When the group, tasked to recommend measures on how to improve relationship between the central and state governments, did meet, it discussed issues of regional imbalances, democracy, secularism and the rule of law in the state. But it failed to recommend anything.
The group members included Bharatiya Janata Party’s Arun Jaitley; National Conference’s Rahim Rather, Congress leader Tara Chand, , Peoples Democratic Party’s Muzaffar Hussain Beigh and Communist Party of India-Marxist state secretary Mohammad Yusuf Tarigami.
“There was never any consensus among the high-profile members of the group,” said a group member adding, “the ideas were as wide as the confusion in the group.”
Justice Sageer, before his death submitted the report to the chief minister, Omar Abdullah, bypassing every norm. Later, the state government, to overcome the disputes among the members of the committee about the recommendations, set up another committee under Finance Minister, Abdul Rahim Rather but this committee too has till date failed to sort out the differences between the congress and National Conference.
The other four working groups – on strengthening relations across LoC (Line of Control dividing Kashmir between India and Pakistan), confidence building measures across segments of society in the state, economic development of Jammu and Kashmir and ensuring good governance – submitted their recommendations to the prime minister in the third round table conference in New Delhi. “But those recommendations were never implemented in their true sprite,” said a top government official pleading for anonymity.
The government later set up a high-level committee in February 2008 headed by the then union home secretary for the implementation of the recommendations of the four groups. But there has been no movement since then.
It was a historical moment when after 58 years on April 7, 2005 the Prime Minister Dr Manmohan Singh, Congress president Sonia Gandhi and the then chief minister Mufti Mohammad Sayeed flagged off the cross-LoC bus service (Karvaan-e-Aman) between Srinagar and Muzaffarabad. The bus service was meant to facilitate meeting of divided families.
The cross-LoC bus service was resumed after nearly 58 years following an agreement reached between India and Pakistan to allow families, separated since 1947, to meet each other. The 170-km Srinagar-Muzaffarabad road, also known as the Jhelum Valley road, was closed for traffic on October 27, 1947. It was billed as the “mother of all confidence-building measures”.
A day before the launch of the “peace bus” service, suspected militants carried out an attack at Tourist Reception Center (TRC) Srinagar.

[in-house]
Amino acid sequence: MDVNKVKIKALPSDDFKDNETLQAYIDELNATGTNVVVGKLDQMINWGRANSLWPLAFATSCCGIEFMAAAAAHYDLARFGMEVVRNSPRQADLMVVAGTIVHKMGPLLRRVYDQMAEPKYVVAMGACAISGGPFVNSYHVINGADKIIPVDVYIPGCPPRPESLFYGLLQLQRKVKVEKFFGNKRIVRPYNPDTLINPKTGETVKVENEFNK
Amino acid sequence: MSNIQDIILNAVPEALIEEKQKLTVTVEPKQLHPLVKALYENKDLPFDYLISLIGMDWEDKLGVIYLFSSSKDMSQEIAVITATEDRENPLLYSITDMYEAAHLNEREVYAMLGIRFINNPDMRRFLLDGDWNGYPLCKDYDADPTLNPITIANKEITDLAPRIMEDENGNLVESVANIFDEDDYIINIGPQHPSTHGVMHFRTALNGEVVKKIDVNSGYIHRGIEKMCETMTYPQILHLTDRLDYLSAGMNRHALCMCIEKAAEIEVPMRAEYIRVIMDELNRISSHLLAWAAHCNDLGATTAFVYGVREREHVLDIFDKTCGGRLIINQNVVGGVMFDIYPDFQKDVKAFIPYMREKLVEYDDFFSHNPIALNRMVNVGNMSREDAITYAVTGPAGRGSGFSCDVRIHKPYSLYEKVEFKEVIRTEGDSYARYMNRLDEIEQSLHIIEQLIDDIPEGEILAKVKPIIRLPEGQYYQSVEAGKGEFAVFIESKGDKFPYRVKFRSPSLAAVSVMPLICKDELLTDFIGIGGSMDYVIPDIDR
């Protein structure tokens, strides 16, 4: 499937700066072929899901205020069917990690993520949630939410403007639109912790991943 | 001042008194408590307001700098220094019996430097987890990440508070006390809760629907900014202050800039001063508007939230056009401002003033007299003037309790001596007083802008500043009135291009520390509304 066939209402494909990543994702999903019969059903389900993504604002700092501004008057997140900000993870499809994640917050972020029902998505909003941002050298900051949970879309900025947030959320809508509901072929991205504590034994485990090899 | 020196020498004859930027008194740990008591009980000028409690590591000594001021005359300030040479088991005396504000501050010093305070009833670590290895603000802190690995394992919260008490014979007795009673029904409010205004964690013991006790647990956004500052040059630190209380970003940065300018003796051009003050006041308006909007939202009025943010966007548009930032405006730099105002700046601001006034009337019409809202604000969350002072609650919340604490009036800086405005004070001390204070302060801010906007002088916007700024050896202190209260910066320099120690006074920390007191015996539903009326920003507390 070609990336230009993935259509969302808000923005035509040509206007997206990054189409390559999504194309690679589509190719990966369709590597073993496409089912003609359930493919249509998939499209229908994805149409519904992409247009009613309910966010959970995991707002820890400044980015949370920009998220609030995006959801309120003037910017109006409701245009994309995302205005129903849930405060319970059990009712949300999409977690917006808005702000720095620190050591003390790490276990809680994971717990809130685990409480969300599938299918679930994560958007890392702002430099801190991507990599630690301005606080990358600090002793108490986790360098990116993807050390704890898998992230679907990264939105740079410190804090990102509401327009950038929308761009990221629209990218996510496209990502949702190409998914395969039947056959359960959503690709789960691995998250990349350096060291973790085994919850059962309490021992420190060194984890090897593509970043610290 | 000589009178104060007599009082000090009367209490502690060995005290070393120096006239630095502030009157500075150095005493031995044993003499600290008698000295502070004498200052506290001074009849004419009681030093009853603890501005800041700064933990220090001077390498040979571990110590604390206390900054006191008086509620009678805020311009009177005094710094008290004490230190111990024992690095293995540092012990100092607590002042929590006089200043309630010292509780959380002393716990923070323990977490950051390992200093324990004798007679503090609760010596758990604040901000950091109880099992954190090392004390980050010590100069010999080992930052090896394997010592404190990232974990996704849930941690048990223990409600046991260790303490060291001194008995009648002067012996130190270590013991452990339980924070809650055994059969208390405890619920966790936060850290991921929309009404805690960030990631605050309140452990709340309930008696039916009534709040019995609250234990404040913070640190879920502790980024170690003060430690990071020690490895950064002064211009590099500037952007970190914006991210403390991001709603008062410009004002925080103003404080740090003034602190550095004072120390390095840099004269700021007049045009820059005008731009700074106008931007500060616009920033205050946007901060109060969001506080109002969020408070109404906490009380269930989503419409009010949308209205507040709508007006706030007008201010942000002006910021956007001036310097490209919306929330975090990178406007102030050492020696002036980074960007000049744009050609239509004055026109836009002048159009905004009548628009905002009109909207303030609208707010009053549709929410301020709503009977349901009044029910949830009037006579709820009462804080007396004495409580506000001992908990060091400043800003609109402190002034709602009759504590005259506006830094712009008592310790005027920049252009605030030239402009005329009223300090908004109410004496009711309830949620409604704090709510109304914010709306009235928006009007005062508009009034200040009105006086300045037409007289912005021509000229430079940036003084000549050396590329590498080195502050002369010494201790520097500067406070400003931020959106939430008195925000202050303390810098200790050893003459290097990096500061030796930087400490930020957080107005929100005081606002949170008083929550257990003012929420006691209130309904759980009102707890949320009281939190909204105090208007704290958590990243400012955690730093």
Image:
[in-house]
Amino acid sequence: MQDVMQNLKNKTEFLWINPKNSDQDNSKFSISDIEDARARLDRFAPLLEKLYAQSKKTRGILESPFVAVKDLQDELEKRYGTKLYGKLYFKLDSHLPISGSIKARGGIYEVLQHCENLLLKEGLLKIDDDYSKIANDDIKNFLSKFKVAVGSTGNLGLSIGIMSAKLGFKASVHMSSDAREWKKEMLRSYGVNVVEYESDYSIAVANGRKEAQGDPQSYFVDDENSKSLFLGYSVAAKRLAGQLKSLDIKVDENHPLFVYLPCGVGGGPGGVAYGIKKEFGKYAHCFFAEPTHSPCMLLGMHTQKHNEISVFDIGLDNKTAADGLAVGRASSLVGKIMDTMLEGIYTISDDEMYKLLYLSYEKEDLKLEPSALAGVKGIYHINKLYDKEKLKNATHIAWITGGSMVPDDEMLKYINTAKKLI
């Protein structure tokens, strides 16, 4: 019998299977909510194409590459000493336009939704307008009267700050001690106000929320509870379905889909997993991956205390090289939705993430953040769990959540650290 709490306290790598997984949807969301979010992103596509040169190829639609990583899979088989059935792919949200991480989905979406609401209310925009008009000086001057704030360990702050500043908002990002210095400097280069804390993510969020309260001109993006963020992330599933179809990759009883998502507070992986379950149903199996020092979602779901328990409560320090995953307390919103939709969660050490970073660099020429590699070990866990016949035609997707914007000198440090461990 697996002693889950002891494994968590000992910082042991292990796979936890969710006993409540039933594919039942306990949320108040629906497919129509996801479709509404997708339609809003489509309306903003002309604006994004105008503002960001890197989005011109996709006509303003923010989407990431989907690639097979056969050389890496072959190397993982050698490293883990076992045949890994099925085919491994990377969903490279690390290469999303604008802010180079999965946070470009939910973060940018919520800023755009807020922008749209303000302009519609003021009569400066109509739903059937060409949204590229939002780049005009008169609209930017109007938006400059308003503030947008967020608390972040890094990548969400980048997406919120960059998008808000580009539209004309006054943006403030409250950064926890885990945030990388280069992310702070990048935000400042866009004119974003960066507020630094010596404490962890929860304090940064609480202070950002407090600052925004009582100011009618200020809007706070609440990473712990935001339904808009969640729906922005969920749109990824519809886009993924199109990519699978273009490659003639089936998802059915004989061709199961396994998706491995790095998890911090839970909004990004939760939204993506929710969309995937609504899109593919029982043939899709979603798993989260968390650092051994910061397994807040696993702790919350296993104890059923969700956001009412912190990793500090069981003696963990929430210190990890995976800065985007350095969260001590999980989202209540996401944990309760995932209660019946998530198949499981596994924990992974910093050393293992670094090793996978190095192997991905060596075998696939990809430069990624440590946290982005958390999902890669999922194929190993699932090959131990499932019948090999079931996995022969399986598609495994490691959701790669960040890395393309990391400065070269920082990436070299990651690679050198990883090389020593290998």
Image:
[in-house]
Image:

After much-hyped inaugural run, the ‘Karvaan-e-Aman’ came under intense media glare as Mirwaiz Umar Farooq, the chairman of his faction of Hurriyat boarded it along with his moderate companions of the separatist camp including Mohammad Yasin Malik, chairman Jammu Kashmir Liberation Front (JKLF).
Eight years down the line, the same moderate Mirwaiz terms the Srinagar-Muzaffrabad bus service as a political show and a mere tool for political propaganda. “Hurriyat had welcomed the bus service believing that it would provide relief to the divided families and people of Kashmir. It has proved to be otherwise and government has just used it for its political show-off,” Mirwaiz said addressing a Friday congregation recently at Jamia Masjid in Srinagar.
Then came the turn of cross LoC trade and it was started between Srinagar and Muzaffarabad in 2008 as a “major milestone” to benefit the traders of divided parts of the state. But due to absence of banking, communication and other facilities, the trade has not achieved the desired target and has got restricted to a symbolic one.
The traders say that despite several promises by both state and central governments that required facilities would be made available for smooth conduct of the trade, important facilities like banking and communication are still missing.
“There is no guarantee of recovery of money if you do not know your trading partner across the LoC, still we are doing business for keeping alive the confidence building measure,” the traders said.
They said the barter system of trade is still in force because the authorities are concerned that the Hawala money would be exchanged from the route. Under such conditions, it becomes difficult for traders from both the sides to judge the exact value of the goods exchanged.